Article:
In any given episode of

Scooby Doo

(and most classic crime mysteries), the formula remains remarkably consistent:

  • A crime has been committed.
  • The authorities have a theory, often suspecting an obvious person that nobody in the town liked or trusted to begin with (perhaps a cranky old hermit).
  • The gang arrives in the Mystery Machine and begins to stumble across clues that point in a different direction.
  • The real culprit engages in extensive misdirection to try to scare them away from pursuing the mystery any further, so that they won't discover the truth. This usually involves dressing up as a monster, ghost, mummy, witch doctor, or other malevolent creature.
  • The gang splits up and Shaggy and Scooby accidentally trap the culprit through a combination of clumsiness and a search for snacks.
  • The culprit is revealed to be a pillar of the community, someone the authorities would never have suspected.
  • The authorities thank Scooby and the gang, and the culprit grumbles that he would have gotten away with it if it hadn't been for "you kids."

It doesn't seem like a very realistic scenario, and you wouldn't think it happens that way in real life, but when it comes to the mystery of mankind's ancient origins, you might be surprised at how "life imitates art," so to speak.

In this case, the "authorities" are those who are supposed to represent learning and inquiry, the academic community, museums, and official historians holding government positions, all of whom tend to adhere to a set of foundational assumptions.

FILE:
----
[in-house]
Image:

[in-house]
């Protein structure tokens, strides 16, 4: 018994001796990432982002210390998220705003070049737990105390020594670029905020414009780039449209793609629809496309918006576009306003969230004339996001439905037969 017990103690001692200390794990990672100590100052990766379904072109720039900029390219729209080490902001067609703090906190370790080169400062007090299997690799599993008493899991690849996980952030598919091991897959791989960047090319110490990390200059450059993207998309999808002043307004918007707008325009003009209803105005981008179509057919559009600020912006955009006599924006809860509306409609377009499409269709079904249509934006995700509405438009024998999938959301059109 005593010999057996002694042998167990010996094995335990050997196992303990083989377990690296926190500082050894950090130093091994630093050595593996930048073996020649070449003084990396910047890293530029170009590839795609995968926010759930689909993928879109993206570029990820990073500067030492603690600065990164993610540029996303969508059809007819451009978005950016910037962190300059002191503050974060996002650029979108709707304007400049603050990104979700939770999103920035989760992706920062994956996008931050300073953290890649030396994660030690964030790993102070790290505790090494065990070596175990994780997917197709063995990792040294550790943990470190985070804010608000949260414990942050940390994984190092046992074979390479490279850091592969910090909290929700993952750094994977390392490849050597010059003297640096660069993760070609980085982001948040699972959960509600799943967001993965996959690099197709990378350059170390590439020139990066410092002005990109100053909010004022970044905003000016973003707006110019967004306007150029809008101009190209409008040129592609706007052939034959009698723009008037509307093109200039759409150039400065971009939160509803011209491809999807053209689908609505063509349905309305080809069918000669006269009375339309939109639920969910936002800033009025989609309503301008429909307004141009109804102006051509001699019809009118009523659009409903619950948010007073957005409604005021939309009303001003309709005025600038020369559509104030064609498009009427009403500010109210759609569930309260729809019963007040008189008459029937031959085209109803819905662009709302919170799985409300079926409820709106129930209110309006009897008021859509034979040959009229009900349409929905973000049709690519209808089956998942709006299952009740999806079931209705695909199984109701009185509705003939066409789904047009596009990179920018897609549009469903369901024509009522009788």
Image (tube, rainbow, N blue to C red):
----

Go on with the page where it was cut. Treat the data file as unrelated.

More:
The "gang of kids and their stupid dog" are the alternative theorists who have been uncovering clues that something isn't quite right with the conventional narrative, and who are poking around in annoying fashion in areas that the authorities would rather they stay out of.

To dissuade them and try to get them to butt out, all kinds of scare tactics are employed, in this case consisting of academic censure, ridicule, name-calling (see for instance

this previous post

), and other means of intellectual bullying and intimidation. If you doubt that this takes place, ask someone who works in academia what would happen to them if they published a paper that points to evidence that challenges the conventional narrative of mankind's ancient past -- or better yet, talk to someone from the academic community who has actually experienced the loss of their career and credibility because they dared to go against the status quo.

We don't know how this story will finally turn out, but we do know that in the Scooby series, the truth eventually comes to the surface. We know that if Shaggy and Scooby sniff around in the right area long enough, they will eventually bumble across the truth, even if largely by accident.

All it takes is persistence, the refusal to be scared off, and an insatiable desire to find out what there is in the fridge of the old castle.